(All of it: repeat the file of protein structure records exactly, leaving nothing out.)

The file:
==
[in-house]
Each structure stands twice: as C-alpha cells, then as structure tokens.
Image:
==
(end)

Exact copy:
[in-house]
Each structure stands twice: as C-alpha cells, then as structure tokens.
Image: